Integration of Muslims in Germany

Turning Point in German National Self-Image

We must not allow the exploitation by demagogues and agitators of the Islamic world's indignation at the brutal murder of Marwa al-Sherbini to blind us to the recent change for the better in the relationship between the German state and the country's Muslims, says Loay Mudhoon in his commentary

Two men post a large-size photograph of murdered Marwa El Sherbini on a wall (photo: dpa)
Initial disinterest on the part of the German media and politicians' failure to react immediately to the case of Marwa al-Sherbini have bolstered the indignation felt by apolitical Muslims, says Loay Mudhoon

​​We all know the ritual only too well, one that at regular intervals further aggravates what are already difficult relations between the "West" and the "Islamic world": a horrific deed is followed by its programmatic misuse for propaganda purposes, frequently in order to reach specific political ends, accompanied by plenty of polemics and unwarranted generalisations.

And thus it's no wonder that none other than the controversial Iranian President Ahmadinejad, already ostracised due to his notorious denial of the Holocaust, should seize on the opportunity provided by the brutal murder of Marwa al-Sherbini to demand that the United Nations undertake sanctions against Germany.

Although polemic attacks on the West are part of the standard repertoire of the ultraconservative and regime-loyal media in the Islamic republic, Ahmadinejad's statements this time are not only disgraceful in view of his less-than-laudable regime's miserable human rights record – they are also easy to see through as an obvious attempt to distract attention from the violent suppression of the peaceful protests following his questionable re-election. Mr. Ahmadinejad and his cohorts are literally living in a glasshouse.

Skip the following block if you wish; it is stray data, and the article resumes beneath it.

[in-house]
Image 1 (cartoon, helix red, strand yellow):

Lack of empathy and critical self-reflection

Of course it's true that many were irritated by the relative disinterest displayed by Germany's media, which first relegated the beastly murder to the "In Other News" section, fatally failing to adequately acknowledge the incident's Islamophobic dimension, as well as by the "inexplicably sparse reactions" (Stephan J. Kramer) of Germany's leading politicians – all of which had the effect of amplifying what was at first the genuine indignation felt by most ordinary Muslims at the slaying.

But it didn't stop at that: these failings prepared the ground for demagogues and agitators in Tehran and Cairo to capitalise on the tragedy of Marwa al-Sherbini for their own ends.

Roses and expressions of sympathy for Marwa El Sherbini (photo: dpa)
It was easy for demagogues and agitators in Cairo and Tehran to use the Marwa case for their own ends, in the opinion of Loay Mudhoon

​​Marwa was hence soon styled the "headscarf martyr of Europe". Some of the Arabic mass media deliberately fanned the flame of prejudice against Germany, painting a distorted picture of the situation that made it look as though a climate of fear and persecution prevailed here, a kind of pogrom atmosphere against Muslims.

They even claimed that the unemployed Alex W., a German of Russian descent who has spent most of his life in Perm in the Ural region, where anti-foreigner and anti-Islamic attacks are a daily event, had acted on behalf of the German Federal Government!

In the meantime, the government has expressed in no uncertain terms its horror at this atrocious crime and has made it clear that there is no room in Germany for xenophobia. In the reputable German media a controversy is flaring on the phenomenon of hostility to Islam.

Does this mean everything is okay again? Unfortunately not, because irrational images of the enemy and the quest for martyrs are not conducive to fine differentiations.

Unwarranted generalisations

The murder of Marwa al-Sherbini must without doubt be seen as an anti-Islamic act – as clearly expressed in the statements of the perpetrator. But it is and remains an isolated case.